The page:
EU scrambles to fund global coronavirus response

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European Union flags fly outside the European Commission headquarters in Brussels, Belgium. Photo by: REUTERS / Yves Herman

BRUSSELS — The European Union and its member states are preparing a “sizeable” funding package to address the global impact of COVID-19 — now they just need to find the money.

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An internal policy note from the European Commission, seen by Devex, outlines a number of possibilities, including “reorienting” ongoing development programs and those planned for this year, as well as tapping the reserves of the European Development Fund, or EDF, an aid fund that is paid into by member states separately from the EU budget.

The job is complicated by the ending of the EU’s seven-year budget cycle this year. An initial commission analysis seen by Devex says that in its main Development Cooperation Instrument, for instance, “there is very limited margin of manoeuvre, as there are only €7.5 million [$8.3 million] left of unallocated funds.”

As for the EDF, the commission estimates that around €600 million, and perhaps more, could be found by the end of the year. It says it will know more once it concludes its review and hears from EU member states on their plans. EU development ministers are due to meet April 8.

In the meantime, Koen Doens, director-general of DEVCO, the commission’s development arm, asked EU delegations to submit by March 31 a questionnaire designed to help identify “as precise a figure as possible of what, within your on-going and pipelined programmes, could be re-oriented and re-prioritised in line with the health and economic and social priorities set out in the [policy note].”

“As always, everyone agrees on the need for coordination but nobody wants to be coordinated.”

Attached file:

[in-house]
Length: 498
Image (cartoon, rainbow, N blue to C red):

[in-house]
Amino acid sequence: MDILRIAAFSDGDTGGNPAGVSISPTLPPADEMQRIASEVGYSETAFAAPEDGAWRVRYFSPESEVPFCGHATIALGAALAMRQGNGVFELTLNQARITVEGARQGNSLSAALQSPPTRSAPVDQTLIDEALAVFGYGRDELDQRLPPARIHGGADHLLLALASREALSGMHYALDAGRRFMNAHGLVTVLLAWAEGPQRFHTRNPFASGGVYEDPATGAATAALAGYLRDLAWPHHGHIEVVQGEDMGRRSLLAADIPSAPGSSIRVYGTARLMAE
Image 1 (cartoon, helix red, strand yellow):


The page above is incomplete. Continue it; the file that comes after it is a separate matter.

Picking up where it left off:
— Alexei Jones, senior policy officer, European Centre for Development Policy Management

On health, the note identifies five priority funding gaps that the EU’s response could address: coordination of support efforts to the most vulnerable countries; preparedness and response capacities; regional surveillance and coordination; new diagnostics, therapeutics, and vaccines, plus building “surge capacity to manufacture them”; and protective equipment for health workers.

Actions on the social and economic impact of the crisis will aim to support incomes through social protection; stimulate the economy and labor demand — by lending to the health sector, for instance; protect workers by expanding health access; and ensure respect for human rights and democracy.

The detailed note won praise from European development watchers, with Alexei Jones, senior policy officer at the European Centre for Development Policy Management think tank, saying the commission is right to emphasize coordination between member states and development banks. Jones added, though, that “as always, everyone agrees on the need for coordination but nobody wants to be coordinated.”

Friederike Röder, senior director for the EU at social action platform Global Citizen, said that the commission and member states should prioritize funding to the Coalition for Epidemic Preparedness Innovations for work on the COVID-19 vaccine and to Gavi to roll it out, urging the commission to make an early, ambitious pledge to Gavi’s June replenishment.

As for mobilizing resources, Jones said one option is to repackage the EDF reserves into a targeted "facility" to support lower-income countries’ coronavirus response. He cited the Vulnerability FLEX mechanism created in 2009 to help African, Caribbean, and Pacific countries withstand economic shocks as an example of a similar tool.

The commission’s search for funds has also prompted it to cast its eye back over the European Fund for Sustainable Development — its flagship attempt to use €1.54 billion of EU taxpayers’ money to de-risk private sector investment in Africa and high-risk states neighboring the EU. Launched in 2017, just seven of the 28 development-friendly guarantee pipelines proposed by development banks have been signed off on so far. The commission note now says that, as part of its coronavirus response, it could work with the private sector on the “re-orientation and re-prioritisation of the guarantees.”

One EU member state official told Devex the guarantees could be reworked to focus on the socioeconomic impact of the coronavirus. “It is possible that not all proposed investment programs currently under preparation will be signed,” the official said. “So there could be a bit of wiggle room.”

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About the author

  • Vince Chadwick

    Vince Chadwick is the Brussels Correspondent for Devex. He covers the EU institutions, member states, and European civil society. A law graduate from Melbourne, Australia, he was social affairs reporter for The Age newspaper, before moving to Europe in 2013. He covered breaking news, the arts and public policy across the continent, including as a reporter and editor at POLITICO Europe.